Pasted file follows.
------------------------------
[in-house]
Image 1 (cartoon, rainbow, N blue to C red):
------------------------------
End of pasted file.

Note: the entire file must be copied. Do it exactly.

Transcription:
[in-house]
Image 1 (cartoon, rainbow, N blue to C red):